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Private Oak Hills community sues town to provide additional services

10/10/2016 6:00 AM |

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Residents of a private community in Baiting Hollow are suing Riverhead Town to expand services on its roads, alleging the town is in violation of state law by providing only snow removal services.

The Oak Hills Civic Association, which comprises 85 homes on 11 private roads north of Sound Avenue, claims that when the town agreed last year to provide snow removal services it also should have agreed to provide leaf pickup, drainage cleaning and road paving to the community.

“The defendants [the town] have erroneously interpreted and misapplied [state law] to mean that they are only required to provide snow removal and no other roadway maintenance and services, such as drain vacuuming, maintaining lighting and water lines, cleaning of tree, leaf, ranch and storm debris, roadway patching, etc.,” the lawsuit states.

Oak Hills was one of several private communities that stormed Town Hall in 2014 after residents received a letter from Highway Superintendent George Woodson stating the highway department could no longer legally provide snow plowing services to private roads, as it had done in the past.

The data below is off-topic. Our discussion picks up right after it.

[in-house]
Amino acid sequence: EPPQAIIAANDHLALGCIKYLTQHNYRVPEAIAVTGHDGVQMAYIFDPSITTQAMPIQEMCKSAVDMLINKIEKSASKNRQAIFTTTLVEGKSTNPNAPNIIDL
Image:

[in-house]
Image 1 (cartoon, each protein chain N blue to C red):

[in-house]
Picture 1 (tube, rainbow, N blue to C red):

The town reversed that policy last year, agreeing to provide services to several communities that had been receiving such services for at least 10 years. The town based its decision on a section of state highway law that says “all lands which shall have been used by the public as a highway for the period of 10 years or more, shall be a highway, with the same force and effect as if it had been duly laid out and recorded as a highway.”

But this past January, Oak Hills Association president Judy Miller and treasurer Robin Griffin asked the Town Board at a work session to provide additional services for their roads. They said in a letter that the resolutions passed by the town allowing snow plowing “are contradictory and unenforceable.”

“We deserve all repair and maintenance services as any road within the town,” they said in a letter presented to the board in January.

Town Board members did not agree.

“We’re not going any further,” Supervisor Sean Walter said at the time.

But Mr. Walter had previously sent Ms. Miller an email stating that he happened “to agree with [her] analysis.” The email was included as an exhibit in the complaint.

“I am not sure what else I can do, as the highway superintendent is an elected official,” he wrote.

Oak Hills residents filed the lawsuit in state Supreme Court last month naming the Town Board, its members, the highway department and Mr. Woodson as defendants. They are seeking a “declaratory judgment,” meaning a judge would rule on whether the town needs to provide those additional services.

Mr. Walter declined comment on the lawsuit.

Photo caption: The entrance to Oak Hills in Baiting Hollow. (Credit: Barbaraellen Koch)

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